“We’re a universal program, so one of the important things about the tuition scale is that all families qualify at different levels—regardless of income, every child can get access,” says Elsa Holguín, DPP president and CEO. “Our scale can go as low as [offering] $60 per month to a higher income family to $1,000 per month to families in the lowest income tiers attending the highest quality [program] levels.”
Advantages of a Diverse Population
Besides increasing educational opportunities, sliding scale tuition provides a range of diversity, and all that goes with it, to the student body.
“Our commitment [at St. Elizabeth’s] isn’t just to a broad base of socioeconomic backgrounds, but we’re committed to having a diversity of race, ethnicity, family culture, and faith, and we celebrate what everyone brings to the table,” says Grove. “Given that these children and families develop really close relationships with classmates who may live in a world that’s very different from theirs at home, we want to make sure that whatever represents ‘different’ in [their] mind is not scary—it’s beautiful and accepted.”
Grove adds that having a diversity of friendships helps students prepare for the workplace and the rest of their lives. “When, from a very young age, you are in friendship with people who struggle with something you don’t, or are part of something you’re not, or believe something you don’t, conversations about equity are no longer academic—they’re about my best friend. It becomes very real to you—it’s lived instead of just discussed.”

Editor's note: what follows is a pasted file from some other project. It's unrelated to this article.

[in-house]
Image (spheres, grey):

The Future of Sliding Scale
The passing of Proposition EE last November set Colorado on the path to make universal, part-day preschool available for all children. “Making programs free is a more substantial public investment than doing what sliding scale is, which is a cost-sharing strategy to say families pay some and the public pays some,” Jaeger says.
However, he sees sliding scale as a helper to a system that still needs work. “If well-structured, sliding scale tuition can be a way we extend what may be limited resources further, to be able to serve all families in a way that helps them achieve equitable opportunities for their children. For the schools, it can allow them to lower barriers to access for families that might not otherwise be able to afford opportunities.”
Courtney Drake-McDonough is a Denver-based freelance writer and editor.